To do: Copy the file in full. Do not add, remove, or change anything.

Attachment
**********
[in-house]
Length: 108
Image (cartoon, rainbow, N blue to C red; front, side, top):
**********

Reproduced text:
[in-house]
Length: 108
Image (cartoon, rainbow, N blue to C red; front, side, top):